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Inedia (Latin for 'fasting') or breatharianism // is the false belief that it is possible for a person to live without consuming food, and in some cases water. It is considered a deadly pseudoscience by scientists and medical professionals, and several adherents of these practices have died from starvation or dehydration. It is an established fact that humans require food and water (nutrients) to survive.
Breatharians claim that food (and sometimes water) is not necessary for survival, and that humans can be sustained solely by prana, the vital life force in Hinduism. According to Ayurveda, sunlight is one of the main sources of prana, and some practitioners believe that it is possible for a person to survive on sunlight alone. The terms breatharianism or inedia may also refer to this philosophy when it is practiced as a lifestyle in place of a usual diet.
Documented studies on the physiological effects of food restriction clearly show that fasting for extended periods leads to starvation, dehydration, and eventual death. In the absence of food intake, the body normally burns its own reserves of glycogen, body fat, and muscle. Breatharians claim that their bodies do not consume these reserves while fasting.
Some breatharians have submitted themselves to medical testing, including a hospital's observation of Indian mystic Prahlad Jani appearing to survive without food or water for 15 days. However, the hospital Jani attended was privately owned, and official documentation of the event has not been publicised. In other cases, people have attempted to survive on sunlight alone, only to abandon the effort after losing a large percentage of their body weight.
In a handful of documented cases, individuals attempting breatharian fasting have died. Among the claims in support of inedia investigated by the Indian Rationalist Association, all were found to be fraudulent. Scientific societies such as the British Dietetic Association strongly disadvise the breatharian diet, qualifying it as "dangerous", and stating that "the basic fact is we all need food and liquid in our diet to live."
The 1670 Rosicrucian text Comte de Gabalis attributed the practice to the physician and occultist Paracelsus (1493–1541) who was described as having lived "several years by taking only one half scrupule of Solar Quintessence". In this book, it is also stated that "Paracelsus affirms that He has seen many of the Sages fast twenty years without eating anything whatsoever."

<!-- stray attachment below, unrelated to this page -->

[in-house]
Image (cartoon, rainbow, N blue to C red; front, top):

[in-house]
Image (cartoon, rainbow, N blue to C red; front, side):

Ram Bahadur Bomjon ("Bakji")
Ram Bahadur Bomjon is a young Nepalese Buddhist monk who lives as an ascetic in a remote area of Nepal. Bomjon appears to go for long periods of time without ingesting either food or water. One such period was chronicled in a 2006 Discovery Channel documentary titled The Boy With Divine Powers, which reported that Bomjon neither moved, ate, nor drank anything during 96 hours of filming.
Prahlad Jani ("Mataji")
Prahlad Jani was an Indian sadhu who claimed to have lived without food and water for more than 70 years. His claims were investigated by doctors at Sterling Hospital, Ahmedabad, Gujarat in 2003 and 2010. The study concluded that Prahlad Jani was able to survive under observation for two weeks without either food or water, and had passed no urine or stool, with no need for dialysis. Interviews with the researchers speak of strict observation and relate that round-the-clock observation was ensured by multiple CCTV cameras. Jani was subjected to multiple medical tests. The research team could not comment on his claim of having been able to survive in this way for decades.
The case has attracted criticism, both after the 2003 tests and the 2010 tests. Sanal Edamaruku, president of the Indian Rationalist Association, criticized the 2010 experiment for allowing Jani to move out of a certain CCTV camera's field of view, meet devotees, and leave the sealed test room to sunbathe. Edamaruku stated that the regular gargling and bathing activities were not sufficiently monitored, and accused Jani of having had some "influential protectors" who denied Edamaruku permission to inspect the project during its operation.